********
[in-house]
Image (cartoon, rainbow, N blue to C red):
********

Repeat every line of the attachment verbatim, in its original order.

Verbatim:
[in-house]
Image (cartoon, rainbow, N blue to C red):